Accelerating SME growth across Uganda through business development support standards

BDS Standards

The Business Development Standards (BDS) drafted have been informed by international best practice BDS delivery, standard expertise and the local Ugandan context. To uphold a consultative and participatory manner to the development of BDS standards, a technical working group was set up in order to fully consider the views and perspectives of key actors in the MSME Ecosystem in Uganda. This multi-sector working group included eminent business, industry, academia, and public sector representatives in Uganda’s MSME development ecosystem, from institutions such as:

  • Ministry of Trade and Cooperatives
  • Mastercard Foundation
  • Enterprise Uganda
  • Uganda National Bureau of Standards
  • Business Development Service Providers’ Network
  • Makerere University Business School (MUBS)
  • Ministry of Finance, Planning and Economic Development
  • Institute of Corporate Governance
  • Uganda Entrepreneurial Ecosystem Initiative (UEEI)/ANDE

Two foundational BDS standards were produced:

i) BDS Provider internal capacity guidelines

The first standard focuses on competency and internal capacity for the BDS providers, to address weak management practices within BDS provider organisations and poor investability of BDS organisations. This standard will focus on areas such as:

  • Leadership
  • Planning
  • Operations
  • Resource Management

ii) BDS service delivery guidelines

This standard focuses on service delivery to provide guidelines for the effective delivery of Business Development Services to an MSME, addressing poor quality of BDS provision with gaps such as contextualisation, segmentation, specialisation among others. The standard focuses on guiding principles in key areas such as:

  • Leadership
  • Planning
  • Operations
  • Talent / People
  • Money

Learn more and apply to the BDS standards training programme for individuals, companies and associations offering business development support services in Uganda.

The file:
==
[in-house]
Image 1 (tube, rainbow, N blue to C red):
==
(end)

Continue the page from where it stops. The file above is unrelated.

Uganda’s Business Development Services market has a larger focus on the capital, Kampala and a few regional hubs, leading to a disproportionate market with gaps. With few providers and lack of tailored services to meet the needs of rural enterprises, the market can face challenges such as:

Inability to afford BDS services

Ineffective market for promotion of BDS services

Limited outreach of BDS service providers to enterprises

As a result, MSMEs can struggle to invest funds into BDS, leading to further hampering development of the BDS market.  Although a number of programmes have been implemented to support the development of the BDS market in Uganda, the challenges of BDS service provision and the lack of approved standards for BDS service providers persist. 

To address challenges faced by MSMEs in accessing business development services (BDS), the Private Sector Foundation Uganda (PSFU) in partnership with Mastercard Foundation and African Management Institute (AMI) have collaborated to develop national BDS standards and offer business development service providers with training to increase their capacity to serve MSMEs.

We know that investing in high-quality BDS can accelerate MSME growth and create jobs. BDS services and providers compliant with world-class standards and research can spark meaningful change for Ugandan MSMEs, such as increase in MSME performance, preservation and creation of jobs, and improved livelihoods. BDS providers can also experience benefits such as:

Sharpened skills through standards dissemination and training

Improved income opportunities

Quality standardized services that MSMEs are willing to pay for

About the Partnership

The Private Sector Foundation Uganda (PSFU) in partnership with Mastercard Foundation and African Management Institute (AMI) developed draft national Business Development Services (BDS) standards and will build capacity of BDS providers to serve MSMEs. This intervention is aimed at improving technical support to MSMEs, which are critical for economic growth and job creation.